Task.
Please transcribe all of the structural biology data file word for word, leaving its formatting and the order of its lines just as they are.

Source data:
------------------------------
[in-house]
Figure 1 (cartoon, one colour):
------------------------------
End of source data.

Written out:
[in-house]
Figure 1 (cartoon, one colour):